“While rising interest rates could pose a challenge to the U.S. economy, lower energy prices, improved employment figures and an enacted federal budget for 2016 are all factoring into a very favorable outlook for the construction industry,” said AIA Chief Economist, Kermit Baker. “And after several years of challenging economic circumstances the institutional project sector is finally on very solid footing.”

Market Segment Consensus Growth Forecasts          2016     2017

  • Overall nonresidential building                                         8.3%      6.7%
  • Commercial / industrial                                                      9.9%      7.5%
  • Hotels                                                                                    14.8%     7.8%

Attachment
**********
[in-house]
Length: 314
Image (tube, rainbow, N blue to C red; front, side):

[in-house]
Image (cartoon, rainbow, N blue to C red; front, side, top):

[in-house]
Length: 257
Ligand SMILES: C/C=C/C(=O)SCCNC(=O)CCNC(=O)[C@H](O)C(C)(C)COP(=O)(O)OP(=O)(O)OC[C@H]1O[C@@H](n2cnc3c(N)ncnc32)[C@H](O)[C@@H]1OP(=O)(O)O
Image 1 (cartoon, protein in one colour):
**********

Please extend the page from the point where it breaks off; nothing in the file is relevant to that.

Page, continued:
• Office space                                                                          12.8%      8.8%
  • Industrial facilities                                                              11.9%      5.3%
  • Retail                                                                                       7.5%      5.6%
  • Institutional                                                                          6.7%      6.7%
  • Amusement / recreation                                                  11.2%       7.7%
  • Healthcare facilities                                                           6.6%       6.9%
  • Education                                                                             6.5%       6.6%
  • Religious                                                                               2.6%       4.0%
  • Public safety                                                                        1.8%       4.2%

The Consensus Construction Forecast Panel consists of economists from Dodge Data & Analytics, Wells Fargo Securities, IHS­Global Insight, Moody’s economy.com, CMD Group, Associated Builders & Contractors and FMI.